The condition, called long-term COVID (or post-COVID syndrome) as defined by the US Centers for Disease Control and Prevention, is characterized by relief and return of illness symptoms over four or more weeks — even after illness. virus elimination.

According to data from the World Health Organization (WHO), 10% to 20% of people who have had COVID-19 will have symptoms that will not disappear for weeks or even months, with headache being one of the main ones associated with the condition. The persistence of the problem can directly affect the quality of life.

People with a history of frequent headaches or migraines are more likely to experience post-COVID symptoms. Those who presented it as the first symptom or whose pain lasted longer than the rest of the signs of COVID-19 are also more likely to manifest it after the end of the infection.

How to deal with the headache in COVID-19

It is important to highlight that, in isolation, headache is not used to diagnose a COVID-19 infection. The symptom is one of the most common complaints in doctors’ offices and, according to the Brazilian Headache Society, it is estimated that 95% of the population has some type of headache throughout their lives.

In most cases, unlike chronic conditions, the headache will go away with resolution of the infection. If she persists even after the negative test, it is important that there is a medical evaluation to assess the means of treating the problem – in particular because, depending on the intensity, it can prevent the performance of everyday activities.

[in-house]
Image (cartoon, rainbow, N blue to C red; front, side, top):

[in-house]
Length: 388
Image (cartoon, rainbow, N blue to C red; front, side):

Those with post-COVID headaches tend to respond well to medications such as amitriptyline and nortriptyline that are indicated to treat migraines, especially those who are resistant to common pain relievers such as acetaminophen and ibuprofen. The patient can also resort to homemade methods to alleviate mild to medium pain, such as compresses, teas and acupuncture.

Learn more: Medicine for headache: check out 8 most suitable options

In all cases, it is essential that the person adopts healthier life habits, such as physical exercise, a balanced diet and quality sleep, in addition to managing stress. This helps control pain in general.

Content for educational purposes only. Consult a Doctor.

The translator user relied on the following source:

Minha Vida Website – REF99827

Disclaimer – (English version>) This content has been prepared based on information from research, additional publications, or the translation/verification work of a volunteer editor of this web council. This is a non-profit service. It is strongly recommended that all details and information published be carefully verified. We never allow medication recommendations, medication package inserts or any medication guidance. We never allow partisan politics as information.

Isenção de responsabilidade – (versão em português): Este conteúdo foi preparado com base em informações de pesquisas, publicações adicionais ou no trabalho de tradução/verificação de um editor voluntário deste conselho web. Este é um serviço sem fins lucrativos. É altamente recomendável que todos os detalhes e informações publicadas sejam verificadas cuidadosamente. Nunca permitimos recomendações de medicamentos, bulas ou qualquer orientação sobre medicamentos. Nunca permitimos a política partidária como base para checagem. Para mais informações, leia nossos termos.